Thursday, August 22, 2013

The War on Black Voters in North Carolina

Disclosure and disclaimer: I work for the NAACP. However, as usual, the opinions expressed in this article are my own personal opinions. They do not necessarily reflect the views of the NAACP, its officers, its members and/or its staff. I take sole responsibility for the contents of this article.

America is becoming a majority minority country. This nation is browning. Soon and very soon, white people will no longer be a majority. This country is slowly transforming and undergoing the Second Reconstruction. In 2008 and 2012, we witnessed what was once inconceivable, the election and re-election of the first African American president. In 2012, for the first time, a greater percentage of black people voted than white people. Progressives view those milestones as major achievements. Conversely, the reactionaries view those developments as the realization of their greatest fear, the fear of a black and brown nation.

Like the racist Klansmen in the Southern states following Reconstruction and like the white minority Apartheid regime in South Africa, the modern day White Citizens' Council, also known as the Republican Party, is determined to cling on to power by any means necessary. For the time being, their means of choice is voter suppression. By striking down Section 4 of the Voting Rights Act, the United States Supreme Court unleashed the southern states on black people. Republican dominated southern states are waging an open war against African American voters. North Carolina is ground zero in that war.

People are not stupid. They know that blatant Jim Crow tactics such as outright poll taxes and literacy tests will be struck down by the courts. So, the right has erected new, second generation barriers to make it more difficult for black people to vote. The radical right wants to discourage black people from voting. If enough votes are suppressed, the GOP can remain in power. To hide their true intentions, they claim that they doing what is necessary to fight in person voter fraud. However, in person voter fraud is extremely rare.

Here is what is happening in North Carolina and why it matters. Last week, the North Carolina State Conference NAACP filed a lawsuit to strike down North Carolina law H.B. 589, the worst voter suppression law in the country. That law imposes strict voter identification requirements. According to the North Carolina Justice Center, "African Americans are more than three times as likely as whites to not have a government-issued ID." According to the ACLU of North Carolina, although black people are only 22 percent of the population in North Carolina, they are 31 percent of the voters who do not possess valid state-issued government ID.

In addition to imposing strict voter ID requirements, H.B. 589 eliminated same day voter registration. Similar to voter identification requirements, the elimination of same day registration has a disproportionate impact on black people. As stated in the NAACP's lawsuit, although African Americans are 22 percent of North Carolina's population, they constituted 41 percent of the people who used same day registration in 2012.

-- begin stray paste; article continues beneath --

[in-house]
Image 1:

H.B 589 also eliminates seven full days of early voting, including Saturday and Sunday voting. That change disproportionately impacts black people. As stated in the complaint, 70 percent of black voters used early voting in 2012. Although black people constitute 22 percent of the population in North Carolina, they constitute 29 percent of all early voters.

Finally, H.B. 589 eliminates out of precinct voting and increases the number of people who can challenge ballots. As stated in the complaint, although black people constitute 22 percent of the population in North Carolina, they cast 30 percent of all out of precinct ballots. By increasing the number of challengers, North Carolina is paving the way for right wing groups like True the Vote to harass and profile black and Latino voters. This will only slow down the voting process, increase the lines at the polls and discourage people from voting.

Before enacting H.B. 589, civil rights groups informed the legislature of the proposed law's disproportionate and discriminatory impact on African Americans. Yet, in violation of Section 2 of the Voting Rights Act, the Fifteenth Amendment and the Fourteenth Amendment, the General Assembly decided to enact the law anyway. I hope that the court strikes down H.B. 589. If we don't defeat H.B. 589 in North Carolina, voter suppression will become the norm and African American political power will be diluted and other civil rights gains will be reversed as well.

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